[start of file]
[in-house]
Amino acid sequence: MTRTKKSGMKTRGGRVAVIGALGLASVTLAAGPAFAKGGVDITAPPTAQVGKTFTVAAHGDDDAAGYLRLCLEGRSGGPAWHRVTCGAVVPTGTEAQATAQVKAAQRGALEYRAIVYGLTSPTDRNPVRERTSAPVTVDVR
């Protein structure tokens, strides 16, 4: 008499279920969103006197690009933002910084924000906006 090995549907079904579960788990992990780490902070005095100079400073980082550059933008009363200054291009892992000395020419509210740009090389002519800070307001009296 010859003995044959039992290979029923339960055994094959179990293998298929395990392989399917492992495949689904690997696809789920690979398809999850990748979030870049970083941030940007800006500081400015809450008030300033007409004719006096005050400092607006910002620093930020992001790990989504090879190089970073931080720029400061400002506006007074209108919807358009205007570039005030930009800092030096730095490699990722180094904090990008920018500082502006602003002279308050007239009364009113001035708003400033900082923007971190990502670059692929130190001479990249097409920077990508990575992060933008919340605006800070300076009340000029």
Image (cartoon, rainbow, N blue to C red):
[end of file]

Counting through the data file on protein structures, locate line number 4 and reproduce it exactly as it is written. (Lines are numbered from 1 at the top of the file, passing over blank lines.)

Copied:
Image (cartoon, rainbow, N blue to C red):